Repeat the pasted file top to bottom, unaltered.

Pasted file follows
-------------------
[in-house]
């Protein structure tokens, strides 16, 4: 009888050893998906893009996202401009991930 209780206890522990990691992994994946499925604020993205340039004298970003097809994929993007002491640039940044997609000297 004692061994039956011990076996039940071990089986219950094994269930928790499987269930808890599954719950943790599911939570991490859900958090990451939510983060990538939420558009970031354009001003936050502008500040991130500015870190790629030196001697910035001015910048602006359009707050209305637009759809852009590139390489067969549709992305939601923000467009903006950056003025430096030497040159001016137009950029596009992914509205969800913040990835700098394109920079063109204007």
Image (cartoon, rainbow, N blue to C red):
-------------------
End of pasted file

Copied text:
[in-house]
């Protein structure tokens, strides 16, 4: 009888050893998906893009996202401009991930 209780206890522990990691992994994946499925604020993205340039004298970003097809994929993007002491640039940044997609000297 004692061994039956011990076996039940071990089986219950094994269930928790499987269930808890599954719950943790599911939570991490859900958090990451939510983060990538939420558009970031354009001003936050502008500040991130500015870190790629030196001697910035001015910048602006359009707050209305637009759809852009590139390489067969549709992305939601923000467009903006950056003025430096030497040159001016137009950029596009992914509205969800913040990835700098394109920079063109204007």
Image (cartoon, rainbow, N blue to C red):